For EU countries, the prospect of revived trade talks is not only about attracting foreign business but also about opening up the Indian economy — which has grown at an average of 7 percent in recent years — to European exports.
“India is a promising market for machine builders from Germany and other EU countries because they have the technology and skills that India needs to develop further,” said Atul Sharma, a trade lawyer at Seetharaman & Associates in New Delhi.
“There is a very clear logic for the EU and India to engage intensively in the coming months,” Indias EU Ambassador Gaitri Issar Kumar told the European Parliament in January. She added that the deal, if done right, would be “a win-win situation” for both sides, and that “our prime minister is determined” to come to a swift conclusion of talks.
In Mumbai, Indian television reacts to Brexit in June 2016 | Divyakant Solanki/EPA
To avoid running into the same stalemate as before, Brussels and New Delhi have resorted to a classic trick in trade negotiations: reducing the scope of talks.
“Basically the chief negotiators plan to agree [during their Thursday meeting] which are the areas where we can agree, and which are the points we should better leave aside,” said a senior EU official.
Trade lawyer Sharma agreed that both sides “have no other option but to be less ambitious.” While Brexit was making the talks “without doubt much easier,” he said that there were still difficulties on issues such as drug patents, tariffs for second-hand cars, agriculture, services and rules of origin.
Christofer Fjellner, the European Parliaments shadow rapporteur on the India deal, said he was “cautiously optimistic” about the prospect of the EU-India trade talks, and noted that attempts to relaunch them in years prior had repeatedly failed. “Weve been here before,” said Fjellner.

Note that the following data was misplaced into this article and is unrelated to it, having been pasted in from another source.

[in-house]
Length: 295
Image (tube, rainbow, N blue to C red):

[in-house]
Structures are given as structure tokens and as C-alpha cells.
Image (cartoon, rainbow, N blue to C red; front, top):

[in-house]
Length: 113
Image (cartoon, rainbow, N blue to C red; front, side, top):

One big stumbling block, he said, was the different approaches to investment protection: Although India is the worlds largest democracy, foreign investors insist that they need a special arbitration system. Regular Indian courts, they say, often work with little transparency and “shocking delays.”
“There are definitely challenges ahead” — Helena König, EUs chief negotiator
“Its very important in a country like India to have a credible investment protection,” said Fjellner, adding that the topic had received additional urgency after India decided to cancel more than 20 bilateral investment protection treaties with individual EU countries in 2016.
New Delhi, in contrast, argues that investors should only be able to appeal to an arbitration tribunal after they had previously sought to settle the issue in an ordinary court. Adding to the controversy, India demands that tax rulings should not fall under the jurisdiction of investment protection — although European investors have complained that taxes are a classic issue where they fear discrimination toward domestic producers.
Speaking to EU lawmakers in January, the EUs chief negotiator Helena König did not hide that this will be a difficult item: “There are definitely challenges ahead,” she said.